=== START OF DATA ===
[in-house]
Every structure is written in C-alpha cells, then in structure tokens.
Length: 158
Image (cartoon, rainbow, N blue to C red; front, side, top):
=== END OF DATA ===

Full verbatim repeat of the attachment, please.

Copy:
[in-house]
Every structure is written in C-alpha cells, then in structure tokens.
Length: 158
Image (cartoon, rainbow, N blue to C red; front, side, top):